If you get the dvd, you can also watch Hidetake Enomoto speak about Transition Japan.

They have a focus on 3 communities that had nominated themselves to become Transition Town pioneers in Japan. They are Fujino, Hayama and Koganei City.



Another way going about it is being tried in Järna, Sweden. From
Transition:

...towns in Europe and even the U.S. are creating local communities that support local food, business, energy, labor, supplies, and even local currency. These are known as Transition Towns. If you want to get a good overview of what this movement is, please read the description HERE, and view the following short video.

Michael Lusk from Sweden contacted me the other day. He is a member of a “core group of seven people who are working to establish transition culture locally.” I asked him if he could tell me a little about this “transition culture” that he is working on, and he has this to say:

The transition idea began around five years ago in Ireland and England as a community-based response to peak oil and climate change. Its leading text is permaculture designer Rob Hopkins’ book The Transition Handbook.

The transition movement is a large-scale self-organizing social experiment whose participants bring a great diversity of interrelated concerns revolving around local resilience. There are indications that restoring local food security is becoming the movement’s primary short-term goal. Local monetary systems are also very important both as a practical measure promoting economic stability and as a means of restoring sovereign power to the people.

The transition movement is growing quickly and is already well established in the US: http://transitionus.ning.com/.

...Swedish national regulations implementing Codex Alimentarius are being used to threaten with closure our local clinic offering anthroposophical medical treatment. Swedish national regulations implementing EU-educational standards are being used to exclude important elements of the Waldorf curriculum. Experience in Europe – not to mention the Americas – makes it abundantly clear that proposed GMO “trials” will disastrously impact biodynamic farming.

Our initiative is the first transition initiative in Sweden – although we’re linking with several organizations, which have been doing aspects of transition work here for many years and also Greenpeace Sweden, which is leading the fight against GMOs in our country. Our group met for the first time around two months ago. The initiative is still in the consciousness-raising stage. That’s why we’re on the lookout for public speakers right now. We don’t have a page at transitionnetwork.org yet – for the moment you just have to mail us individually.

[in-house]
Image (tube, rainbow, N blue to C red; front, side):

Lokalisera dig! = Localize Yourself!

Michael Lusk

So, whether the motivation behind these communities is to address climate change, peak oil, to be able to eat healthy, non-GMO food in the middle of a depression, or to just plain get away from big government and scale down to a local level, the foundation is good. We need to combat rampant globalization with localization. This means taking responsibility for changing our lives drastically for the good. The more localized we are, the more resilient we become when the bottom completely drops out of the economy. If we are not dependent on getting our food from another country, or even 1000 miles away, we will eat when the trucks stop running. If we look to the neighbor’s kids to do the chores that we cannot do ourselves, and pay him/her with a form of local currency that can be cashed in for tomatoes at the local food stand, or for Sterling like the Totnes Pounds, we are sustainable. We become resilient. We will survive.

Remember; even if we do not all agree on every little thing, we can still come together in a common goal of survival. Join the movement to localize. Let this movement become the driving force of an alternate economic solution to a growing era of increasing debt. Are you ready for a change? Lokalisera dig! Localize yourself! NOW!

Barbara H. Peterson

Monday, September 06, 2010

Local Hero: Save Your Local Beach (1983)


Remember this film. Join Danny and Mac as they stroll along Ferness beach, Camasdarach, Scotland and discuss the implications of a world without oil.

The film is set in the fictional fishing village of Ferness on the west coast of Scotland. A young representative of an American oil company is sent to the village on a mission... The film's soundtrack, which outsold the film itself, was written by Mark Knopfler of Dire Straits, and is considered amongst his best work.

A very special film, from way back in the early 1980s, directed by Bill Forsyth.

A world without oil...?

No automobiles, no nylon, no polish, no detergents, no paint, no ink... No water-proof coats, and what about dry-cleaning fluids...?

I like Japanese films, but can you tell me even one motion picture from this country that touches on important themes like this?

We take so much for granted, we have so little to offer in case things get rough. I like how connected we are, but at the same time, we hardly know our neighbours. Do you say hello to the people living next door? Do you know their names? We are more familiar with news about stars and idols, than with the ordinary people living next door.

Saving your local beach, or that small satoyama forest, your local community: how would you go about it? Do you know enough about City Hall politics or local networking?